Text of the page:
Please use this identifier to cite or link to this item: http://hdl.handle.net/10397/24527
Title: Switching of movement direction is central to Parkinsonian bradykinesia in sit-to-stand
Authors: Mak, MKY 
Hui-Chan, CWY
Keywords: Bradykinesia
Center of mass
Parkinson's disease
Sit-to-stand
Issue Date: 2002
Publisher: Wiley-Liss
Source: Movement disorders, 2002, v. 17, no. 6, p. 1188-1195 How to cite?
Journal: Movement Disorders 
Abstract: Patients with Parkinson's disease (PD) are known to manifest slowness in movements. We sought to identify the particular kinematic and kinetic disorders that contribute to the slowness in performing sit-to-stand in these patients. Two interrelated studies were carried out. In the first study, 20 patients with PD and 20 control subjects were instructed to perform sit-to-stand at a natural speed. In the second study, 15 control subjects were instructed to simulate the slower speed of sit-to-stand of the patients identified in the first study. Kinematic and kinetic data were recorded by a PEAK motion analysis system and two force platforms. The results showed that patients with PD generated smaller peak horizontal and vertical velocities during the task. They took a longer time to complete each individual phase as well as the whole movement of sit-to-stand. Patients also produced smaller peak hip flexion and ankle dorsiflexion joint torques and had prolonged time-to-peak torques from sit-to-stand onset. When control subjects simulated the patients' speed of sit-to-stand, there was no difference in all the kinematic and kinetic data between groups. The only exception was that they exhibited a shorter transition time between peak horizontal velocity (flexion phase) and seat-off (extension phase) than the patients. This study demonstrated that the slowness of PD patients during sit-to-stand at a natural speed could be attributed to inadequate peak hip flexion and ankle dorsiflexion torques, a prolonged torque production, as well as a difficulty in switching from the flexion to extension direction during sit-to-stand. As the latter difficulty persisted when the control subjects performed the task at a speed similar to that of the patients, our findings suggest that a fundamental problem of patients with Parkinson's disease could be a switch between movement directions.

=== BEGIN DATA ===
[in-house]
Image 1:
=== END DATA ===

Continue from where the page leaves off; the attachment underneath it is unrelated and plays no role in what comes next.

URI: http://hdl.handle.net/10397/24527
ISSN: 0885-3185
DOI: 10.1002/mds.10257
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